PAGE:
t would be wrong to describe this jittery and jazzy biopic about Princess Diana (Kristen Stewart) as dark. It would be truer to say that the film is colourful. The vivid scene in which our heroine lacerates herself with a wire-cutter is one you’ll never forget.
Christmas. Sandringham. 1991. Diana is looking for a way out of her marriage. Or maybe her life. Whether hallucinating that she’s chomping on pearls, seeing the ghost of Anne Boleyn, bingeing in the larder or vomiting over the loo, she is neither numb nor dumb, just aware that her husband’s loins are elsewhere and that she’s royally screwed. Just because she’s paranoid, doesn’t mean The Firm isn’t out to get her.
All credit to LA-born Stewart, whose subtle and uncannily precise take on the English icon is guaranteed to earn her an Oscar nomination. Her accent doesn’t wobble, nor do millennial mannerisms creep into the mix. Above all, the 31-year-old actress is funny, delivering earthy gags, or sometimes just widening her eyes, in a way that makes you see the absurdity of Diana’s hellish situation.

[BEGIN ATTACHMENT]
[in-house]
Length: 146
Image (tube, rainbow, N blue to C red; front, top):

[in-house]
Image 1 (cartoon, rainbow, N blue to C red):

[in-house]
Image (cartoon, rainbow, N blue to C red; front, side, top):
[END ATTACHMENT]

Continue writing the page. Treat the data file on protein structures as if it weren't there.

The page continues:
It’s been said the Twilight star, once the partner of Robert Pattinson, is a good fit for the role because she’s a tabloid-hounded celeb who knows what it’s like to be part of a fairytale love affair that founders. Hah! If being famous made it easy to portray the famous, it would have been fun to watch Nicole Kidman in Grace of Monaco.
Anyway, this is by no means a one-woman show. Chilean director Pablo Larraín and scriptwriter Steven Knight allow many other actors to shine, including Timothy Spall as icily unctuous Equerry Major Gregory, Jack Nielen as a sweetly anxious young William and – above all – Sally Hawkins as Diana’s dresser, Maggie. An intimate conversation between Di and Maggie on a beach is so shocking, tender and naturalistic you half-wonder if it was improvised. Is it greedy to hope that Hawkins gets a Best Supporting Actress nod for this turn?
Spencer doesn’t promote the British royal family or in any way suggest that we’re lucky to have them. It’s the polar opposite of Stephen Frears’ The Queen. That said, part of what makes Spencer so gripping is that you understand why Diana’s in-laws loathe her. The gun-toting Queen (Stella Gonet), who, aptly, resembles the terrifying matriarch played by Catherine Keener in horror classic Get Out, has a brutally honest kind of charm, while Charles (Jack Farthing) often appears reasonable. The film acknowledges that Diana can be a flaky and coy diva. Such “warts” are what make this portrait valuable. It doesn’t whitewash anyone.
A female-centric study of power and corruption, Spencer proves every bit as rousing, and wrenching, as Yorgos Lanthimos’ The Favourite. In case you’re wondering, Larraín ends things on a happy note. I sobbed the whole way home.